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Tags: cisco live london 2013, Cisco Security, context-aware and adaptive security, data center security, network security, Secure-X, SecureX, security, security intelligence
It's only been a few days since we said goodbye to 2012 and we are already seeing what many predicted for 2013: an increase in the creation, enhancement, and usage of numerous exploit kits by cyber criminals. Cyber criminals don't take long vacations in December. On the contrary, they "work hard" and make lots of money during the holiday season! These criminals are continuously improving their tools to keep up with us (the good guys) and continue enhancing their "money-making machines." A real-life example is how cyber criminals were able to quickly incorporate the exploits of the recently found Java vulnerability that I described in a post a few days ago.
Exploit kits make it easy for these criminals because they can easily spread malicious software that exploits well-known and new vulnerabilities. New exploit kits are loaded with some of the most dangerous zero-day exploits and other features that allow criminals to increase their profits.
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Tags: ASA, cloud security, exploit kits, exploits, security, web security
Ask the Data Center Security Expert with Cisco’s Rajneesh Chopra
Rajneesh Chopra is the Director of Product Management and Marketing at Cisco for the enterprise firewall line of technologies and has more than 10 years of product management leadership experience in the networking and data center arena. He also has a very futuristic outlook and a great passion for solving big customer problems.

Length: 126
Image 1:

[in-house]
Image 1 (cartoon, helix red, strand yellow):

Rajneesh sees the confluence of mobility, power efficiency, and standardization as the key drivers for change in the next-generation data center and with implications for the way security will need to be addressed. These changes are particularly significant as they are being driven by end-users versus heavy marketing pushes, which can often artificially induce change. Rajneesh delves into each of these factors and the role they play in the next generation data center.
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Tags: data center security, end-to-end architecture, enterprise firewalls, secure mobility, SecureX
Researchers from Kaspersky Lab have released information about a large-scale cyber espionage campaign called Operation Red October (otherwise known as Rocra). The report has garnered the attention of multiple news agencies and generated many published articles since the Kaspersky report has claimed that attackers were targeting hundreds of diplomatic, governmental, and scientific organizations in numerous countries.
These reports indicate that the command-and-control (C&C) infrastructure that is used on these attacks receives stolen information using more than 60 domain names to hide its identity. Furthermore, this information appears to be funneled into a second tier of proxy servers. These are very clever attacks that many are now claiming have been taking place for more than five years! Red October is being compared with other malware that has been associated with cyber espionage such as Duqu, Flame, and Gauss.
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Tags: cisco red october, cyber espionage, cyber terrorism, espionage, red october, rocra, security